- Press Release
- August 6, 2022
NASA’s New 21st Century Space Exploration Spacecraft Orion Completes its First Test Mission
It was the first in a long series of tests that NASA, and the public, hope will one day lead to a human mission to Mars. And what a mission it was. Even with a one day launch delay, you couldn’t have asked for a more spectacular mission, especially for an untested new 21st century spacecraft.
Purposefully launched early in the morning to catch the best angle of the sun on the rocket, the massive United Launch Alliance Delta IV Heavy rocket thundered off the pad at 7:05 a.m. EST under great conditions and with tens of thousands of onlookers anxiously awaiting the moment.
While the mission would only last 4 hours and 24 minutes, it would accomplish a lot and answer some basic questions.
Would Orion’s launch abort system jettison and the service module fairing separate as planned early in the launch? Yes.
Would Orion’s avionics and attitude control work as planned? Yes.
Would Orion’s thermal protection shield survive reentry? Yes.
Would Orion’s parachutes deploy as expected? And would Orion land gently as hoped in the ocean off the west coast, south of San Diego, as expected? Yes.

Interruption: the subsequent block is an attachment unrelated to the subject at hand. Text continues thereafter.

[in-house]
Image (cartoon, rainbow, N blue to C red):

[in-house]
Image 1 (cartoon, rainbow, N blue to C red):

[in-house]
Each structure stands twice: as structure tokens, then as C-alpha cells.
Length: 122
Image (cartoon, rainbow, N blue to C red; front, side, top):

We won’t know how successful or how well all the systems performed until the all the
engineering data is crunched, but at first glance the flight looked perfect.
Orion’s next flight isn’t scheduled until 2018 when another unmanned mission will take the spacecraft around the moon and back.
Not since April 12, 1981, 33 years ago, has NASA launched a new human rated spacecraft.
Waiting for humanity beyond the moon is a solar system no human has ever explored. Today’s successful test flight is an important step as we look beyond the boundaries of our home, Earth, to explore in person.
Orion Flight Test
ULA Launch Video
Orion From the Recovery Ship
Orion Soars on First Flight Test
Press Briefing: Orion’s First Flight Test Reviewed